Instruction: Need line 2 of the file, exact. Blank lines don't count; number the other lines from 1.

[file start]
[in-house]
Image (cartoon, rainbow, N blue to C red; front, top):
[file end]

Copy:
Image (cartoon, rainbow, N blue to C red; front, top):